What's on my bench at home is a Metcal 500 series.  I did a bunch of beta testing for them and this was comp'd.  But I would have spent my own money to get one anyway.  As the saying goes:  There's nothing more expensive than a cheap tool.  I've done everything with Metcals from Fender tube amps to adding jumper wires to 4K image sensors.

As for leaded vs. lead free.  It's just about impossible to find products with leaded solder these days.  The primary difference is that leaded solder is more ductile.  It gives a bit under strain, but also suffers from fatigue failure more easily.  SAC305 is stronger but can be fractured by shock more easily.  It's a trade off.  Then you have the metallurgy of circuit board and component finishes, my day job life for the last 35 years.

Rosin fluxes are just about extinct.  All the efforts in chemistry are in "no-clean" fluxes.  Some products are made with organic acid based fluxes and water washed where they have to be conformal coated or high power RF where leakage is an issue.  Rosin fluxes need solvent cleaning and industry can't effectively deal with solvents and safety/environmental regulations.  So about the only place you see rosin is with hobbyists stuck in the last century.
My personal favorite hand solder flux is Alpha NR205.  I also have some samples of flux from Indium and Senju that work well (part of being in industry is rep's constantly asking me to try stuff).  All of them are no clean.

Thank God I still have 1/2 a case of 20 year old flux stripper - Firmly stuck in the last century with my Hexacon Therm-O-Trac and Pace rework station (from the 80's)

 9 
 on: Today at 02:53:17 pm 
Started by Dennis Wiggins - Last post by Dennis Wiggins
I can see PMs that I receive, but cannot see PMs I have originated, or any text of my replies.

-Dennis

 10 
 on: Today at 02:52:40 pm 
Started by Debbie Dunkley - Last post by Stephen Kirby
Amid all the Hakkomania, I'd like to put in a word for the Metcal. I have some MX500s (but there are later models). The tip selection means you can do anything from TSSOP ICs to plumbing repairs.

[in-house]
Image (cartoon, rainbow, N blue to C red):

+1000

I've been in electronics manufacturing for more than 35 years.  Everything from weapons spec military gear to consumer electronics.  Have been an engineering manager in multiple contract manufacturers, been in the tech centers of others, and currently work on the OEM side.  It's expired now but I've held a Mil-Std-2000 soldering certification.  As well as having contributed to the spec itself.

What's on my bench at home is a Metcal 500 series.  I did a bunch of beta testing for them and this was comp'd.  But I would have spent my own money to get one anyway.  As the saying goes:  There's nothing more expensive than a cheap tool.  I've done everything with Metcals from Fender tube amps to adding jumper wires to 4K image sensors.

As for leaded vs. lead free.  It's just about impossible to find products with leaded solder these days.  The primary difference is that leaded solder is more ductile.  It gives a bit under strain, but also suffers from fatigue failure more easily.  SAC305 is stronger but can be fractured by shock more easily.  It's a trade off.  Then you have the metallurgy of circuit board and component finishes, my day job life for the last 35 years.

Rosin fluxes are just about extinct.  All the efforts in chemistry are in "no-clean" fluxes.  Some products are made with organic acid based fluxes and water washed where they have to be conformal coated or high power RF where leakage is an issue.  Rosin fluxes need solvent cleaning and industry can't effectively deal with solvents and safety/environmental regulations.  So about the only place you see rosin is with hobbyists stuck in the last century.
My personal favorite hand solder flux is Alpha NR205.  I also have some samples of flux from Indium and Senju that work well (part of being in industry is rep's constantly asking me to try stuff).  All of them are no clean.